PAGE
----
Letters presents readers' comments and reactions to specific articles in Pennsylvania Heritage, the initiatives of PHMC, and other developments in the historical, cultural and museum communities of Pennsylvania.

Better And Better

Your very fine magazine just keeps getting better and better. I wasn’t sure how you would handle this year’s theme [“William Penn’s Legacy: Religious and Spiritual Diversity”], as I had my doubts how you could tackle such a huge topic, but you did it beautifully. The articles are balanced, timely, and relevant.

Joe Martin
Erie, Pa.


Our First Friends

Reading about the Quaker emphasis on education in Rae Tyson’s fine article [“Our First Friends, the Early Quakers,” Spring 2011] reminded me that Simon Snyder, at age sixty, remembered and wrote about his only teacher, “John Jones, a worthy member of the Society of Friends,” who kept a night school in York. From Jones he learned “reading, writing, arithmetic, and some mathematics” while he was a seventeen-year-old apprentice to a tanner. Jones so kindled Snyder’s love of learning that “often at the midnight hour, after a hard day’s work [he] was found in the pursuit of knowledge and his Sundays were also devoted to his studies.” Jones’s worthy influence so changed the direction of Snyder’s life that he eventually became Pennsylvania’s third governor.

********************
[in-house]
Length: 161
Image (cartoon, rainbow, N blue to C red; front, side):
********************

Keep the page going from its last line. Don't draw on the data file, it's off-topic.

Emily Johnson
Selinsgrove, Pa.

Simon Snyder (1759–1819) was born in Lancaster, where he was baptized in the Moravian Church. He was Pennsylvania’s first chief executive of German descent under the Commonwealth’s Constitution of 1790, serving as governor for three terms, from 1808 through 1817. In 2007, the Pennsylvania Historical and Museum Commission installed a state historical marker honoring Snyder at his former residence in Selinsgrove, Snyder County, which had been entered in the National Register of Historic Places in 1978. Snyder County was named in his honor in 1855 when it was separated from Union County.


Beating The Winter Blahs

Your latest edition [Winter 2011] was a perfect antidote for beating the winter blahs. I particularly enjoyed William C. Kashatus’s “The Rise and Fall of ‘Young Napoleon,'” as I’ve long been fascinated by our military history, especially the Civil War. General [George Brinton] McClellan was a most unusual and perplexing personality. I often wonder about his motives and reasons for his actions – or lack thereof – in battle. Was he overly cautious or cowardly? His letters are peppered with braggadocio, as well as harsh criticisms of others, but I suspect we’ll never really know what made him tick. Maybe he was just purely egotistical?

Bill Daniels
Princeton, N.J.

George Brinton McClellan (1826-1885) was as irrepressible as he was enigmatic. A defiant military leader, he disappointed President Abraham Lincoln but earned the admiration of newspaper correspondents who crowned him “Young Napoleon,” while his loyal troops affectionately referred to him as “Little Mac.”